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The last round from The Journal

November 14, 2009
By Howard Riley hjriley@adelphia.net

When these old newspapers come into my possession, it's tough to leave them because the news from past years seems to prove the old adage that the more things change, the more things stay the same.

A couple of weeks ago I published a picture of the Saranac Lake High School cheerleaders from the now defunct "Journal" of Lake Placid and Saranac Lake, edited by Fred Ellers and Bill McLaughlin.

Clyde Baker wanted to know if I had been threatened with bodily harm from any of those glamorous teenagers for printing their picture from the 1970s. Of course, I told him I had not. He then assured me that one of the girls in the picture, Marilyn Branch, who now lives in Vermont, but maintains a home in Saranac Lake, would be made aware of her recent claim to fame.

Article Photos

“Picture of the Week” from The Journal: The Lake Placid Blue Bombers cheerleaders, front row, left to right: Terri Carver, Martha Lopez, Nancy Thompson, Laurie Vassar, Nancy Sibalski and Donna Taylor; back row, from left to right: Tresa Lopez, Amy Dixon, Mary Claire Symthe, Susan Preston, Susan Jesmer, Carol Vaughn, Carol Southmayd and Kim Karre.
(Image provided)

Then it came to me through the grapevine that my longtime friend Laurie (Vassar) Beatty was rather miffed that the Saranac Lake cheerleaders received all that publicity and was kind of jealous that the Lake Placid cheerleaders did not get equal coverage. So the photo today seeks to correct that oversight.

It was a long time ago when Laurie came into my office (of the Lake Placid News) in the North Elba Town Hall as a kid selling Girl Scout cookies and then we later worked together at the Adirondack North County Association.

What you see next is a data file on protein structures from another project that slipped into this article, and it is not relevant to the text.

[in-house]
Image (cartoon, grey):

It was the old town hall with its elegant auditorium and beautiful creaking wooden stairways, not the sterile edifice that it is today, modernized for the 1980 Olympic Winter Games.

And, while I'm thinking of it, editors and sign writers please take note: It is never, never written "1980 Winter Olympic Games" as I have witnessed it written from time to time, but it is always, always written "1980 Olympic Winter Games."

I was in Innsbruck, Austria with Mayor Robert Peacock, Rev. J. Bernard Fell and Luke Patnode as they were being interviewed and as the reporter took notes (we were sitting in a booth in a restaurant). Rev. Fell looked down at the reporter's scribbling and corrected the above phrase.

"The Journal" February 1971

"The Lake Placid Flyers, under the direction of Corky Colby and Chuck Berghorn, put on a great exhibition of jumping off the 15-meter hill. Class 6 jumpers taking home honors were: 1st place, Kevin Morgan; 2nd place, Mike Damp; 3rd place, Mike Wilson. The first three places in Class 5 went to Art Jubin, Brad Colby and Rhett Colby. Class 4 first three places went to Mike Bimonte, Brian Morgan and Tim Torrance. In Class 1 competition Terry Morgan was first with a score of 149.4; second place went to Joe Lamb with a score of 148.6 and third place went to Tom Oddy with a score of 144.8."

"The LEXAN Plastics Division of the General Electric Company for the second year will sponsor snowmobile races at Lake Placid on Saturday, February 20. The three events to be organized by Gordon Wilson and Tommy Vassar and the North Elba Park District will be Cross Country, Obstacle and Hill climb and a race for Juniors. Contestants are to assemble at the Lake Placid Airport at 10 o'clock in the morning for the Cross Country Race, the other events will follow at 1 p.m. near the ski jumps."

"Robert Allen, Executive Director of the North Elba Park District, has secured the closed circuit telecast of the Joe Fraser-Muhammed Ali fight.

"Lake Placid and the Olympic Arena in particular staged the coup of the year in obtaining the rights for the telecast. All area residents will be able to see the fight on a theater size screen at the precise moment of its happening. There will be no home television or radio, either live or post broadcast. The only way it can be seen is by closed- circuit television. General admission is $12.50, reserved seats cost $17.50."

"There is going to be a Glendesprung contest at Big Tupper Ski Area on Sunday, March 7, 1971. The contest will begin at 1 p.m. This contest is a jumping contest to see who can jump the farthest and with the most style. This will be the first Glendesprung held at Big Tupper Ski area. There is one held at Glenallen Ski Area in Vermont. The contest consists of one person jumping with alpine skis with poles off a manmade jump. Local merchants will be donating skis, ski boots poles and clothing to be given as prizes."

 
 

 

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